The teen could feel his body begin to resonate with the light. He was tuning into its frequency, perhaps, or it was tuning into his, he wasn’t sure which. All else in the room began to slip away and fade into the background, shapes becoming amorphous, sounds becoming nothing more than white-noise, until only the light and that one majestic tone were left. Dean was being compelled toward the light. It was so very beautiful. There was power and strength and grace there—maybe the answers to all the questions he’d ever had. Dean wanted to find out more, but even as he was moving toward the light and entered a dark tunnel that pulled him along irresistibly, he suddenly remembered his family. Panic jolted through him. Sammy! Dad!

The third sense to be returned to Dean was his sense of terror.

Wait! Stop! he tried to bargain, struggling in vain to scuttle against the vacuum pulling him through the tunnel toward the light. No! I can’t leave them! They need me. Please…I’m not ready!

Go To Chapter 5

jpgr: SPN Then Now anijpgr on January 31st, 2013 01:00 am (UTC)
Ooh, Dean has an OOBE! This would give him a whole new perspective on spirits and dying - if he remembered...

Ah, and the all-important - to Dean, anyway - Grand Canyon.

Very well researched as always!
sharlot1926sharlot1926 on January 31st, 2013 05:08 am (UTC)
Yeah, totally! He's going to get quite the "bird's eye" for a bit, I think.

Speaking of the research, this whole story was inspired by the real life experience of a woman named Pam Reynolds. I read about her case some years back and always remembered it. I decided to put Dean somewhat through the same scenario. Or at least...my take on it. The experience is totally SPN'd up and all...but I did draw heavily from Pam's NDE.

Thanks as ever for your awesome comments. /hugs!
tifachingtifaching on January 31st, 2013 01:22 am (UTC)
You are an evil, evil woman. But a wonderful storyteller. Poor Sammy. This is not your fault, BB! And John, so terrified and lashing out at everyone, including Sam. Dean's out of body experience was perfect. He WOULD think it was awesome. Until the light.

Can't wait to see what you put the poor boy through next!
sharlot1926sharlot1926 on January 31st, 2013 05:12 am (UTC)
Thanks so much T! I really appreciate that.

Yeah, poor Sam and John...writing their side of the story was really and truly a moving experience for me. And draining! I can't imagine the sheer panic a person goes through in those types of situations...and for someone like John...it is a nightmare of powerlessness. Terrible for a man who strives for control.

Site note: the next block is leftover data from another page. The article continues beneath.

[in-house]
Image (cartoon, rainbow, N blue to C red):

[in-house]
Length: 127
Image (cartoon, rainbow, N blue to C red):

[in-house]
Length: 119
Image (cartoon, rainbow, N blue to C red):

Hah! Dean's story, on the other hand...was fun to write, and I really let myself go in the next chapter. LOL. Intense experience is intense...and writing that intensity was...um...intense! ;)

Thanks again, T. You always brighten my day.
dearheartx0x0dearheartx0x0 on January 31st, 2013 05:40 am (UTC)
*sobbing a little bit. Will provide a complete comment later....after i find chocolate and my dog to hold*
sharlot1926sharlot1926 on January 31st, 2013 06:08 pm (UTC)
Aw! I sowwy! /hugs you and feeds you chocolate. It'll get better. Um...just not for a while, mk? ;)
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sharlot1926sharlot1926 on January 31st, 2013 06:10 pm (UTC)
Well, coming from you, that means the world. Thank you so much, marie! I struggled a little bit with this chapter, like I always do when there is a lot of information to dump. But it had to be done...and now it is and the real fun begins (at least for me). :)

Thanks so much for the comment. I appreciate it like you wouldn't believe.
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sharlot1926sharlot1926 on January 31st, 2013 06:43 pm (UTC)
Yes, thankfully NongPradu helped me smooth out the most "scripted" sounding parts. It's so hard when one person is giving the information and the other is really only useful to prompt MORE information...and can sound so damn dumb. LOL. "you don't say, Mr. Doctor...and THEN what happened...?" /snort. But this is all part of learning how to write, right? So it's good practice.
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sharlot1926sharlot1926 on January 31st, 2013 07:07 pm (UTC)
Exactly...very hard. I try to avoid it all costs, too. But every time I do a hospital scene...it inevitably happens. After this, Imma try and keep the Winchesters out of the hospital as much as possible. Hehe!
gypsy_atavarigypsy_atavari on January 31st, 2013 02:00 pm (UTC)
So so so well written but my poor heart.

*hugs the winchesters*
sharlot1926sharlot1926 on January 31st, 2013 06:12 pm (UTC)
Yeah, they really do need hugs right about now...all three of 'em. I wouldn't want to be in any of their shoes...but do I ever? LOL. Yeah...totally sucks to be them. If only people like me would leave 'em alone, yeah?

Oh well...off to torture them some more come Monday. :)

Thanks so much for the comment. :)
Kallielkalliel on February 1st, 2013 03:21 am (UTC)
I love the focus you place on how the experience affects John and especially Sam--even as all their attention is on Dean. It works really well for the mood and tone of the story. Great job; keep at it! :)
sharlot1926sharlot1926 on February 1st, 2013 02:24 pm (UTC)
Yeah, I was a little out of my comfort zone, here, because Dean really couldn't take much of the POV, so I had no choice but to rely upon John and Sam to tell his (and their) story. As an amateur writer and a Dean-girl...I really do prefer to stick with Dean whenever possible. So I'm glad that this shift (really born of necessity because Dean was just a wee bit incapacitated) worked. I was sweating it, and I kind of kicked up my heels and whined a bit to my betas while writing this chapter. LOL.

Thanks so very much for the comment. I appreciate it!
mdlawmdlaw on February 1st, 2013 03:33 am (UTC)
This is not supposed to be happening this way! m :O
sharlot1926sharlot1926 on February 1st, 2013 02:26 pm (UTC)
I know, right?! What the hell does the author think she's doing? This thing wasn't labeled as a death!fic, was it? Grar! ;)